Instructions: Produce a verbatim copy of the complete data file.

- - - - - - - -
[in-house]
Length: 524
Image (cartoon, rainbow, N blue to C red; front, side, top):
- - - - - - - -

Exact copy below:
[in-house]
Length: 524
Image (cartoon, rainbow, N blue to C red; front, side, top):